Thursday, March 29, 2012


Or, in French, forsythia. Yup. Same word. Just a slightly different pronunciation [for-seece-YAH]. The French don't have our th sound in their language. Now is the forsythia's flowering season. We have two bushes in our garden. One is larger than the other; the smaller one seems to be dying. A friend noticed a fungus growing on the lower stems last year. And in the past couple of years it hasn't bloomed as profusely as it's larger brother.

I love the contrast between the bright yellow flowers and the blue sky.

I'm sad to say that we're probably going to take it out sometime this year. Oh well. It will be an opportunity to put something new in. What I don't know is if I'll have to worry about that fungus remaining in the ground and attacking whatever we put in. I'll have to do some research.

A close up. Both of these photos are from the healthy tree.

Our month of March is going out like a lamb. Sunny, pleasant, and dry days have been the characteristics of the last week or so. We've been working in the garden, sitting out in the sun, and yesterday we got the grill out for hamburgers (turkey burgers, actually). We're expecting a little cool down over the weekend, but there's no significant precipitation in sight. The news is full of stories of the deepening drought.


  1. Your forsythia has honey fungus I think, so, yes, I think you will have to worry about it for whatever you plant next. Here is a link that may help:

  2. When you dig it up, check for long black, leathery "bootlaces" in the upper surface of the soil... these are the tell-tale of Honey Fungus. And I would recommend removing it the moment the flowers have turned brown... Honey Fungus spreads by the rhizominous "bootlaces"... if they are there, keep an eye on all the nearby woody plants... and don't plant anything other than annuals there for the next good few years.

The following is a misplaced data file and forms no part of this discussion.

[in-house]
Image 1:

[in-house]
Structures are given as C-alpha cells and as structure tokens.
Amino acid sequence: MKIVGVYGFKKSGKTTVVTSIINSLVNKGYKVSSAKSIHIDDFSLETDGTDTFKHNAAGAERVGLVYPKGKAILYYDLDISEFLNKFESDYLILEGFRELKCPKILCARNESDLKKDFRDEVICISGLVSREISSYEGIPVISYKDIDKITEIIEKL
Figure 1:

3. Yuck, I hope you can take care of that fungus issue.
    I, too, love the blue/yellow contrast. Looooovely!

  4. Hope you can get the fungus under control. Didn't know about Honey fungus so learnt something new. I love the contrast in colour; it really shouts spring :-)

  5. When I see that color combination, I think "IKEA!" I shouldn't, but I do.

  6. How I love (and miss) forsythia. We used to force it in Connecticut, by lopping off huge brunches and soaking them in the tub to get the buds to pop. Fascinating info (and advice) provided about honey fungus. I hope you can get that under control.

  7. I love forsythia, it's such a glorious and cheery colour.

  8. There is nothing subtle about forsythia. Give me a primrose every time...

  9. I associate them with April time in the midwest. This is why April is 'yellow' for me - tulips and forsythia.
    Lovely yellows.

  10. susan, thanks for the link. I'll follow the instructions to try and confirm that it's indeed honey fungus. Ugh!

    tim, the closest thing to the shrub is the larger forsythia pictured here. I'd sure hate to lose it.

    judy, as you know, there's always something with a house and garden!

    n&a, by the time the yellow fades, we may have apple blossoms!

    carolyn, should I make meatballs?

    mitch, So do I. I've never tried forcing it; something to think about next winter!

    jean, that and the plum blossoms really say "spring is here!"

    john-san, we got those, too!

    michael, I think the winter is harsher in the midwest than here. We have tulips and forsythia a couple of weeks earlier.


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